Helen L. Seaborg
Born March 2, 1917, in a Florence Crittenden home for unwed mothers in Sioux City, Iowa, she was adopted by George and Iva Griggs. After her father's death, Helen Griggs and her mother moved to the Santa Ana, California area.
Helen became the personal secretary to Ernest O. Lawrence, who was director of what is now the Lawrence Berkeley National Laboratory and a recipient of the Nobel Prize in Physics. While working part-time for Lawrence in 1938, she met Glenn T. Seaborg, a scientist who frequently used Lawrence's cyclotrons to create new chemical isotopes, including several with applications in nuclear medicine. Seaborg dictated a telegram to Helen that was to be sent to Physical Review.  Prior to the US entry in World War II, Seaborg led a team that discovered plutonium. Seaborg was recruited for the Manhattan Project while he was dating Griggs. He proposed marriage. They were married in Nevada in 1942 on their way to work in the Chicago "Metallurgical Project" of the Manhattan Project. Helen worked as an administrative assistant to the scientists working in Chicago.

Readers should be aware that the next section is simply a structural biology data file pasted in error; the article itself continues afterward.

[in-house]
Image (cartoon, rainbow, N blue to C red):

Throughout Glenn's career, she was his traveling companion and provided behind-the-scenes administrative help that enabled Seaborg to pursue many side projects, including extensive publishing efforts. Seaborg credited his ability to compile so many accomplishments to her valuable advice and assistance. As the wife of the chancellor of U.C. Berkeley she took on many formal duties related to protocol and dealing with official university guests. When her husband served as chairman of the U.S. Atomic Energy Commission from 1961 to 1971, she fulfilled a number of diplomatic and protocol roles. Most notably, she filled in for First Lady Jacqueline Kennedy at a White House Dinner in the days following the death of the Kennedys' infant son.
She was an active advocate of child welfare. She felt indebted to the YWCA for assistance during her own periods of childhood poverty. She served on the board of directors of the YWCA in both Berkeley, California and Washington, D.C.. She worked as a mediator between the two racially segregated YWCA organizations in Washington to successfully achieve their integration. She also founded and served as a board member of INCAP, an organization that assisted in social assimilation of black and white elementary school students during the period of voluntary bussing to achieve integration.
As an avid hiker, she and her husband spent weekends blazing a trail across the State of California. In 1980, this trail was used as part of the HikaNation project by the American Hiking Society. Later, much of the route became a part of the transcontinental American Discovery Trail.
- Seaborg, Glenn T., Adventures in the Atomic Age, (Farrar, Straus and Giroux: New York, 2001), 79.